At home with the Van Aldens, the drip-drip-drip of the still in the kitchen is keeping Nelson awake. Well, that, and probably the fact that he's betraying all his long-held principles to be a stooge for some two-bit bootlegger. Sigrid tries to reassure him, "It is okay, husband," but he's not calmed. He just stares intensely forward. And, not for nothing, but the last thing this lunatic needs is a sleeping problem.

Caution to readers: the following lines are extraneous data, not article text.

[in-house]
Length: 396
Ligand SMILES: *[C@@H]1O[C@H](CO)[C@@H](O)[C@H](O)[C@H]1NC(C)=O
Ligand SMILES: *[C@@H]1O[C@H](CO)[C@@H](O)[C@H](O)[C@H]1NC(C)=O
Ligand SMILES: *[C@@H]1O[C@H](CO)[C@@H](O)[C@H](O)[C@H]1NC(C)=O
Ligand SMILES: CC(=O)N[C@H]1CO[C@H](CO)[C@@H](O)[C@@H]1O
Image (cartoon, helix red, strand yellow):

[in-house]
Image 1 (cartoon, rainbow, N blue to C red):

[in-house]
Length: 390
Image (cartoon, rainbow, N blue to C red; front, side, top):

Nucky and Esther Randolph are sitting quietly in Jimmy James's New York office, making semi-awkward conversation. He offers her box seats to "Dizzy Izzy" on Broadway (is THAT the new title for The Naughty Virgin? Eeesh), but Esther would rather the freebies be kept to a minimum. He asks what she does for fun, then. "I run naked through the pages of the federal tax code," she says with the barest hint of a smirk. Look, I really like Esther Randolph, but if this show is leading up to her and Nucky in bed, I am out. Means arrives for their meeting and says that arrangements are in place. He asks Esther if she would rather not hear the details of the plan, but she says if she's in for a penny, she's in for a pound. So apparently the plan involves Nucky making a pitch to Andrew Mellon, who you will recall is both Treasury Secretary and James Cromwell. Means says Mellon will be having lunch at the exclusive Union Club in midtown, and he's arranged for Nucky to masquerade as Mr. Charles Rickson of Missouri. "You have prospered mightily in beef," Means grins at Nucky. He really seems to enjoy this double-dealing. Randolph delivers some unnecessary pointers to Nucky that are really just nuggets of exposition for us. Mellon is the Treasury Secretary, of course, and as such, he's in charge of enforcing Prohibition and collecting income tax, neither of which he's too keen on, per Means. And he despises Harry, whom he regards as a "common thief." Nucky asks if this is all enough to get him to arrest Remus. Oh, there's more! Mellon is also the majority shareholder in a distillery in Pennsylvania. This is news to Randolph, though Means assures her it's a "pointless possession in this day and age." But, he says, "it's remarkable how large small irritations can loom in the minds of great men. He doesn't really fit in as well in this universe, but Gaston Means would have made a superb Deadwood character. Nucky raises an eyebrow and asks if that's it. "The rest will be a tribute to your resourcefulness," Means replies. At this, Esther decides she in fact does not want to hear everything, and she makes her exit.